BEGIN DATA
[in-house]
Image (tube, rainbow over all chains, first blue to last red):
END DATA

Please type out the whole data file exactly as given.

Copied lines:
[in-house]
Image (tube, rainbow over all chains, first blue to last red):